Houston Law Center, Environmental and Energy Law and Policy Journal, Vol. 5, 2010, Symposium
19 Pages Posted: 19 Apr 2010 Last revised: 22 Mar 2015
Date Written: 2010
The World Economic Forum recognizes that while restrictions on energy affect water systems and vise versa, energy and water policy are rarely coordinated. The International Panel on Climate Change predicts that wet places will become wetter and dry places will become dryer. Transboundary water, energy and climate coordination can occur through international consensus building.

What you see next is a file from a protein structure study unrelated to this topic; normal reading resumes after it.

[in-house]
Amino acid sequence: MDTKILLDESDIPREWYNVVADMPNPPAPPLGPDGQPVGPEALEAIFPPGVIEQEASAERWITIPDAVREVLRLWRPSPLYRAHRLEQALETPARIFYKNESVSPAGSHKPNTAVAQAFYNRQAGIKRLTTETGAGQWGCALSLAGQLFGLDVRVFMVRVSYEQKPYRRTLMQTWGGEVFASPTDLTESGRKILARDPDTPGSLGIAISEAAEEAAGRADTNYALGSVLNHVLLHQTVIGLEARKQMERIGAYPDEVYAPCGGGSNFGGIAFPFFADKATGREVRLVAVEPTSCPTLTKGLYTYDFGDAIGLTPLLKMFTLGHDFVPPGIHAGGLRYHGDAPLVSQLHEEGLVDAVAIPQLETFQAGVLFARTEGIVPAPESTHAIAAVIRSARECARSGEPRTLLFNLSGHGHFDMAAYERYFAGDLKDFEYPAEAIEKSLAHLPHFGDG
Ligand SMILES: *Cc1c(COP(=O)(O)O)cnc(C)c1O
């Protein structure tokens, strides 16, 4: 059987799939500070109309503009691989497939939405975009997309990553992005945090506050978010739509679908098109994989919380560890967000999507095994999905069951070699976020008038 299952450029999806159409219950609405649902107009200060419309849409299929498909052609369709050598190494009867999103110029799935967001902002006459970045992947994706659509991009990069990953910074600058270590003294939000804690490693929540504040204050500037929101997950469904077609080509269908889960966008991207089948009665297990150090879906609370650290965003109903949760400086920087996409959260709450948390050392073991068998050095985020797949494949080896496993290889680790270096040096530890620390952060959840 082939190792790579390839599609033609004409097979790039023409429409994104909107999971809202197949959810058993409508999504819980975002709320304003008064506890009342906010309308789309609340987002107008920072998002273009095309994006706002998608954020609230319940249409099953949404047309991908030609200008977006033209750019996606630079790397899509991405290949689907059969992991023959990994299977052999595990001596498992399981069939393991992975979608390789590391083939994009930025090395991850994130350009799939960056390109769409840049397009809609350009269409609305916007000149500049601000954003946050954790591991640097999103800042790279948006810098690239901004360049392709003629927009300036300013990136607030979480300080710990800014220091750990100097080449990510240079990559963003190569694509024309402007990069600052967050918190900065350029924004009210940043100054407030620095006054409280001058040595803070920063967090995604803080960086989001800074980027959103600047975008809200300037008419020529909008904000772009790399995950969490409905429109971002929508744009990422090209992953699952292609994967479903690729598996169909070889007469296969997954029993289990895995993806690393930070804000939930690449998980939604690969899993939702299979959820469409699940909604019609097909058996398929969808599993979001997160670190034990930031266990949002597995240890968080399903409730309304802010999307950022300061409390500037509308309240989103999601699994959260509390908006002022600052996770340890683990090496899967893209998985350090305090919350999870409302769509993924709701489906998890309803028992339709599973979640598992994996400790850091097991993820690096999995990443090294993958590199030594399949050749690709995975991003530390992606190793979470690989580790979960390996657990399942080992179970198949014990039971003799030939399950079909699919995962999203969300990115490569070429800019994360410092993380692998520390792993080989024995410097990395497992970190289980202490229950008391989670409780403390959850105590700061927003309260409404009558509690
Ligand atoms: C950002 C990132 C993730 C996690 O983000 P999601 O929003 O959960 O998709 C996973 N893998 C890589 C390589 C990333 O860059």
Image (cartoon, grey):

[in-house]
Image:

Keywords: United Nations, Public Participation, Environmental Impact Assessments, desalination, Århus Convention, hydropower, agriculture, population, indigenous, rainwater harvesting, energy, water law, storage, Millennium Development Goals, sustainable development, biofuel, water demand management, UN
JEL Classification: D3,D4,D5,D6,D7,D8,D9,E2,F01,H1,H2,H4,H41,H54,H56,H60,H7,H8,I,I1,3,J1,J7,K,K32,K33,N4, N5,O4,O5,Q1,Q2
Suggested Citation: Suggested Citation
Burleson, Elizabeth, Emerging Law Addressing Climate Change and Water (2010). Houston Law Center, Environmental and Energy Law and Policy Journal, Vol. 5, 2010, Symposium. Available at SSRN: https://ssrn.com/abstract=1592023